“Don’t think it can’t happen to you. Every horse owner needs to know how to keep their animals safe in the event of a natural disaster.”

When Hurricane Andrew hit Florida in 1992, the majority of horses had no identification. What’s worse is that unsuspecting owners temporarily handed their animals over to someone claiming to be a rescue. These horses were never seen again. Conan, meanwhile, was one of many missing horses reported after the natural disaster, Hurricane Katrina. He was also one of many that drowned because owners had no way to evacuate them and never expected such a horrific flood.

As the volunteer executive coordinator for Stolen Horse International (aka NetPosse), a nonprofit that assists in the prevention and recovery of stolen and missing horses, I’m often asked to write articles to increase public awareness. And it never fails – as soon as I begin an article, real life steps in to offer some perfect examples for the story.

On the afternoon of May 3, 2009, a tornado skipped across our property, downing trees and fence lines. We spent the next two days clearing fences to ensure the horses did not escape. Not four days later, many low-lying areas in nearby Montgomery County, Alabama were unexpectedly flooded in a matter of hours. Shortly afterwards, I received an email from an acquaintance who was missing four donkeys when the waters capped their five-foot pen.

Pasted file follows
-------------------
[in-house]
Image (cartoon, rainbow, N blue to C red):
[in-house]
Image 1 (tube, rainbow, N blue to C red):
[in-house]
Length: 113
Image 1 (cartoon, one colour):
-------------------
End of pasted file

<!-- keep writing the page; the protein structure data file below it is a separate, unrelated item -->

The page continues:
One of my tasks is processing the reports NetPosse receives. I immediately created a flyer and a webpage for the missing donkeys before sending out an alert to thousands of volunteers and list groups. In the meantime, I wondered about the donkeys’ fate. Did they swim away when the waters rose, or were they swept away? Will they be found unharmed or injured? Just as importantly – could the owner have prevented this situation?

This particular disaster was hard to prepare for because it struck without warning. The flood came swiftly, suddenly and relentlessly, demolishing structures and sweeping away everything in its path. Don’t think it can’t happen to you. Every horse owner needs to know how to keep their animals safe in the event of a natural disaster.

Planning for the worst
Google the term “natural disaster preparedness”, and many links will pop up, but they’re mostly for humans. If you need to flee your home because of flood, fire or hurricane, you can throw a suitcase in your car at a moment’s notice. In the event of a possible tornado, you can seek shelter in the nearest building or innermost room of a house. But what about your four-legged friends – specifically equines that can’t take shelter in your home or fit in the backseat of your car?